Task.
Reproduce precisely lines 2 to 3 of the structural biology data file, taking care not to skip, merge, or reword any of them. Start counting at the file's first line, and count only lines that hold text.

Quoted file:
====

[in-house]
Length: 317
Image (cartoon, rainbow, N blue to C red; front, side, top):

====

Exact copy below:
Length: 317
Image (cartoon, rainbow, N blue to C red; front, side, top):